Oil prices rise on solid China growth, Middle East tensions

Oil prices rise on solid China growth, Middle East tensions

Shafaq News / Oil prices rose on Tuesday as the Chinese economy grew faster than expected, while heightened tensions in the Middle East also kept markets on edge after Israel said it would respond to Iran's weekend missile and drone attack.

Brent futures for June delivery rose 48 cents, or 0.5%, to $90.58 a barrel by 0437 GMT. U.S. crude futures for May delivery rose 49 cents, or 0.6%, to $85.90 a barrel.

The benchmarks rose on the back of solid economic growth in China, the world's biggest oil importer. Official gross domestic product grew 5.3% in the first quarter, year-on-year, government data showed, comfortably beating analysts' expectations.

While the growth is seen as a welcome sign for policymakers trying to shore up confidence, a raft of other indicators including property investment, retail sales and industrial output showed demand remained weak in the face of a protracted property crisis.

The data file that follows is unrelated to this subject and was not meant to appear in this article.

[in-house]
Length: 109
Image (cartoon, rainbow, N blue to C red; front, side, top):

Oil prices soared last week to the highest levels since October, but fell on Monday after Iran's attacks, which its government called a retaliation for an air strike on its Damascus consulate, caused only modest damage.

"Israel's response will determine whether the escalation ends or continues. The conflict could still be contained to Israel, Iran and its proxies, with possible involvement of the U.S.," analysts at ANZ Research said in a note on Tuesday.

Israel's Prime Minister Benjamin Netanyahu on Monday summoned his war cabinet for the second time in less than 24 hours to weigh how to react to Iran's first-ever direct attack on Israel.

Iran produces more than 3 million barrels per day of crude oil as a major producer within the Organization of the Petroleum Exporting Countries (OPEC).


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